CUMBERLAND RIVER COMPACT
Proactive actions provide good risk management, avoid costs, and help ensure that during our region’s rapid we maintain the natural components of resiliency- tree canopy, headwater streams with natural floodplains and buffer zones, local food production, and open space for public health, safety, recreation, and quality of life. The Compact is moving the basin toward resilience in collaboration with Climate Solutions University, The Nashville Area MPO, and others using climate resilience education, planning, policies and practices.
Riparian Buffer Plantings
A riparian buffer is a vegetated area (a “buffer strip”) near a stream, which helps shade and partially protect a stream from the impact of adjacent land uses. It plays a key role in increasing water quality in associated streams, rivers, and lakes.
Agricultural Best Management Practices
A list of 10 recommended best management practices for agricultural producers. Included are riparian buffers, no till, rotational grazing, cover crops, keeping cattle away from stream banks, getting soil and manure tests to determine proper application levels, ensure pesticide applicators are properly calibrated, and more.
This webpage provides an overview of HWRA efforts to restore the headwaters of the Harpeth using 319 grant funding. Efforts have focused on reducing nonpoint source stormwater pollution with exclusion fences, stabilizing feeding areas, and stabilizing streambanks.
River Restoration and Wildlife Protection Program
The River Restoration & Wildlife Protection program coordinates and implements projects that restore streams, address stream bank erosion, and reduce pollution from runoff in urban, suburban, and rural areas. Example restoration projects are provided on this page including riparian zone restoration, tree planting, bank stabilization, rain gardens, and stream clean-ups. Links on this page provide information on cedar revetments for repairing stream banks, a rain garden and rain barrel page, recent projects and more.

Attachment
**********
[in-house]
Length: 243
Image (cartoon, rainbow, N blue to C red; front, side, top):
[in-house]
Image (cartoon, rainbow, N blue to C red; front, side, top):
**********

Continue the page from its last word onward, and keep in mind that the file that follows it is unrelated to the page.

KENTUCKY WATERWAYS ALLIANCE
Kentucky Aquatic Resource Fund (KARF)
KARF provides a way for multiple agencies and partners to contribute funding and other resources to conserve Kentucky’s best places. KWA’s role in the partnership is to act as the financial steward of the fund. The fund exists to ensure that all ill-effects to aquatic species are adequately addressed, and that real conservation and recovery benefits are provided. KARF supports voluntary land preservation agreements and has funds designated to match other grants or programs that support or match our goals. The fund will support much needed research, surveys, and monitoring of waterways and water quality along with stream and stream/riverbank area management. The funds will also support threatened species propagation and introductions throughout the state and promote habitat restoration and enhancement through the Best Management Practices installation.
MILL CREEK WATERSHED ASSOCIATION
Since 2013, the Mill Creek Watershed Association has planted 1,007 trees along the stream banks, engaging 164 volunteers and completing 359 volunteer hours. More information about this effort is available on this page.
THE NATURE CONSERVANCY OF TENNESSEE